Climate finance think tank 2° Investing Initiative is encouraging investors and banks to support efforts to build evidence of financial institutions’ impact with regard to climate change.

In a presentation, it suggested financial institutions interested in setting science-based targets could “help develop investor impact measurement methodologies”, citing work being done by the Impact Management Project, the Center for Sustainable Finance and Private Wealth at the University of Zurich, as well as Invecat, an EU-funded project 2° Investing Initiative is leading with the involvement of the United Nations Environment Programme Finance Initiative and others.

They could also “start collecting ex-post evidence on the impact of [their] actions”, the think tank suggested.

It described Climate Action 100+ as “a good home for data and evidence collection” and its PACTA portfolio climate scenario analysis tool as providing “a good channel to document actions and collect evidence on [financial institutions’] effect on companies’ activities”.

The recommendations, as 2° Investing Initiative referred to them, are included in a presentation setting out the reasoning behind the think tank’s decision to exit the Science-Based Targets initiative (SBTi) for financial institutions project.

The SBTi is a collaboration between CDP, World Resources Institute, WWF, and the UN Global Compact, and aims to get companies to set targets to reduce greenhouse gas (GHG) emissions that are “in line with what the latest climate science says is necessary to meet the goals of the Paris Agreement”.

2° Investing Initiative was invited to co-develop a SBTi methodology for financial institutions. Last week the organisations behind the SBTi brought together 50 financial institutions to gather feedback on draft target validation criteria, and it was on the back of this that 2° Investing Initiative announced its withdrawal from the project.

Science-based Targets initiative split

According to 2° Investing Initiative, it withdrew from the SBTi project due to an inability to agree on how to define financial institutions’ climate impact.

The think tank’s point of view is that the SBTi framework “must prevent financial institutions from setting targets labeled as ‘science-based’ and achieving them without providing any scientific evidence that their actions actually contributed to reducing GHG emissions in the real economy”.

It argues that communication by many financial institutions – individually or collectively – suggests they have an objective to contribute to the reduction of greenhouse gas (GHG) emissions.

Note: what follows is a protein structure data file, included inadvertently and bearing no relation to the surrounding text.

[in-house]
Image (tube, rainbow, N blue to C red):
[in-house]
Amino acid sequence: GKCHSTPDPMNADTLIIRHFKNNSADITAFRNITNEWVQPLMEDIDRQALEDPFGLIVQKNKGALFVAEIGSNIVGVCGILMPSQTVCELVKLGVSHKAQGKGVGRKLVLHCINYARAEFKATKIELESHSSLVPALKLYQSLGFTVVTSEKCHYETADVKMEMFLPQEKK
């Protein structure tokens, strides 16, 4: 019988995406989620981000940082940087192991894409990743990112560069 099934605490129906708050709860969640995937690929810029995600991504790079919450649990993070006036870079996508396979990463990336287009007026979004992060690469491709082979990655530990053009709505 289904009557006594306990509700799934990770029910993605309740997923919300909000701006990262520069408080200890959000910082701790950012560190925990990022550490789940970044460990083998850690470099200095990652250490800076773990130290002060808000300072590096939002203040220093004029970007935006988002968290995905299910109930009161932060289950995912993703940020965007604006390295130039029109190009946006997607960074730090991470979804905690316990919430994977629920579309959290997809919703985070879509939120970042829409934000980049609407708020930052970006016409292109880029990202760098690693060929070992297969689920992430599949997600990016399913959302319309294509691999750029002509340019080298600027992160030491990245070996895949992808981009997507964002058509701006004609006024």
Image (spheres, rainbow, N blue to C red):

“If we want to progress in this space we need to start building evidence as to whether that impact actually materialises or not”

Jakob Thomä, managing director at 2° Investing Initiative

Jakob Thomä, managing director at 2° Investing Initiative, told IPE that the think tank’s argument is not about whether financial institutions should or should not make climate impact claims or set science-based targets, but that “if we want to progress in this space we need to start building evidence as to whether that impact actually materialises or not”.

“And if you want to communicate on the progress against that objective that needs to be based on real impact, not virtual decarbonisation,” he added.

In its presentation the think tank included anonymised extracts from retail fund marketing material, such as:

“A €5m investment in the fund, for one year would reduce polluting emissions by 4,200 tons of CO2, which is equivalent to taking 1,900 cars off the road for a year.”

The think tank said that setting portfolio alignment goals was relevant to defining the intended average emissions reduction trajectory for investee companies, but that “a change in portfolio exposure is not a valid proxy for GHG emission reductions in the real world”.

A spokesperson for the SBTi said: “Science-based target setting resources for financial institutions are being developed through an inclusive, multi-stakeholder process including consultation with financial institutions, consultants, NGOs, and academic institutions.

“Financial institutions have a vital role to play in the transition to a net-zero emissions economy and this work is a critical component in the SBTi’s mission to drive company emissions reductions at scale.

“The SBTi will continue to work with its partners and corporate stakeholders to develop the target validation criteria, which are due to launch later this year. We welcome input from all stakeholders, including 2° Investing Initiative, and will continue to facilitate this important conversation.”

‘Positive message’

2° Investing Initiative’s Thomä told IPE the think tank was not out to make life harder for people, and that it sees its message as a positive one.

“The problem right now is that financial institutions are exposed to a lot of pressure from governments and civil society to ‘save the planet’ and part of the pressure is generated by the marketing that those institutions are putting out,” he said.

“If you have a marketing document that says you will reduce emissions then don’t be surprised if people expect you to reduce emissions,” he continued, adding that “I think having a more honest conversation about that is in everyone’s interest.”

In its presentation, the think tank said it estimated it would be possible for investors to set science-based targets, as it sees them, in two to five years.

Steps before then would include setting an alignment goal, developing an “evidence-based decarbonisation plan”, and collecting evidence on “activities, outputs, outcomes and impact”.

The think tank is inviting feedback from stakeholders about the reasoning behind its decision to leave the SBTi project, which can be found here. A consultation survey can also be directly accessed here.